News headlines such as “Half of homes have phones but no toilets,” and the diligent efforts of the government of India and nonprofits to provide toilets to the 48 percent of Indians who don’t have one, suggest that enough toilets will solve India’s sanitation woes. In reality, while toilets are a necessary part of the solution, an arguably bigger yet often overlooked issue is how to contain and treat India’s sewage. Currently, 93 percent of sewage finds its way to ponds, lakes, and rivers without treatment.1
Untreated sewage is the leading polluter of water sources in India, causing a host of diseases including diarrhea (which kills 350,000 Indian children annually2), agricultural contamination, and environmental degradation. The urban poor often live alongside dirty drains and canals in which mosquitoes and germs breed.
India’s largest cities have centralized sewage systems, complete with underground pipes, pumping stations, and treatment plants. However, these systems are expensive to build and to operate, requiring uninterrupted power, skilled operators, and extensive maintenance. As a result, according to India’s Central Pollution Control Board, fewer than half of them work effectively.3 What’s more, India’s smaller towns cannot afford to build such systems. The good news is that a handful of organizations are developing sewage systems that are less expensive and more effective. Prominent among them is the Consortium for Decentralized Wastewater Treatment System Dissemination Society (CDD), a nonprofit organization that has been developing and promoting technologies for decentralized wastewater management since 2002.
CDD’s Decentralized Wastewater Treatment System (DEWATS), developed with support from the Bremen Overseas Research and Development Association, has adapted multiple technologies to conditions where electricity is not reliably available, skilled manpower is hard to come by, and mechanical parts that break may never be repaired.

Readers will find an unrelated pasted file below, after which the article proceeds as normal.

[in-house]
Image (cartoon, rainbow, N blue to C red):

The system is designed to encourage the development of smaller, more affordable systems to treat wastewater closer to the point of generation, enabling more effective water reuse for toilet flushing and gardening. Using natural bacteria, plants, and gravity instead of electricity and chemicals, DEWATS can be up to 80 percent less expensive to operate than conventional technologies. DEWATS can also help tackle water shortages, because it can reduce the use of freshwater by up to 50 percent for domestic uses locally, like washing, flushing, and gardening.
CDD has more than 150 clients in 13 Indian states. It also has 25 clients in Nepal and Afghanistan. And the organization is poised to do much more. For example, to meet the varied needs and constraints of clients, CDD’s partner, Auroville Centre for Scientific Research, has developed a “vortex” system that reduces land requirement by 90 percent. CDD is also developing modules that can be mixed and matched to suit the needs of communities and their budgets. “Most of the DEWATS can be built underground, and the land above can be used as a garden or parking space,” says Sasanka Velidandla, CEO of CDD.
Consider: In November 2015, CDD commissioned a fecal sludge treatment plant in Devanahalli, a town of 31,000 near Bangalore. Built using a simple and low-operating cost approach, the plant has so far prevented about half a million liters of fecal sludge from polluting the environment. What’s more, CDD distributes the treated sludge to local farmers, who use it as an organic soil conditioner. With CDD’s support, the local town council has passed resolutions to introduce comprehensive fecal sludge management processes.
The CDD team is encouraged by the results it is seeing, but with nearly 37 billion liters of untreated sewage generated by India’s cities every day,4 the organization has its sights on the future. “Sewage management is finally a priority,” says Velidandla. “Large-scale investments are being planned, and we want to ensure that all options are properly evaluated so that sustainable infrastructure is developed.”
But CDD, even with its current partners, can’t realize its vision alone. “We keep asking ourselves, how do we multiply our impact?” says Velidandla. “We innovate, and pilot, and test continuously because it’s important to get it right—but the time to act is now. We plan to be working in five states to design and implement comprehensive solutions, and to do that we need all the partners and support we can find.”